Talking about oil when thinking about depletion seems counterintuitive, and I was surprised to see that the video on “Depletion”, part of the Think Resilience free online course by the Post Carbon Institute was pretty much entirely about the importance of fossil fuels – especially oil. Our modern society relies heavily on fossil fuels, especially oil. Oil plays an essential role in the extraction of resources, their transformation into products, and transportation (air, sea, land). With topsoils depleting quickly worldwide, fossil fuels also play an essential role in industrial agriculture, where they are used to make synthetic fertilizers. Whether we see it or not, oil is everywhere in our daily lives. Products containing petroleum are countless. Plastic is a plague, but it is also a fantastic product – can you imagine hospital equipment without it? The shift away from oil includes finding replacements [at scale] for all the products we are using daily.

Not enough seems to be changing right now to shift away from oil. Despite the growth of wind and solar as energy sources, 85% of our energy needs still depend on fossil fuels, especially oil. Wind and solar represent less than 5% of the energy production worldwide. CO2 emissions continue to grow. Shifting from oil is a necessary but daunting task. According to the Post Carbon Institute, as we move to lower quality fuels or ones that are harder to extract, the ratio of Energy Returned on Energy Invested (or EROEI) falls. In the early days of the oil industry, energy returns of a hundred-to-one were routine; in today’s petroleum industry, returns of ten-to-one are more common.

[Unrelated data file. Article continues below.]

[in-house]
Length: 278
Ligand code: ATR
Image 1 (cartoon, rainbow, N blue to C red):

Because it is a non-renewable energy source, we will face depletion if we do not make the transition. So what will happen first: oil depletion or a radical and complex shift from our deep dependency on oil?


Ephemeral composition
Painted wood scraps from a previous project
20” x 30”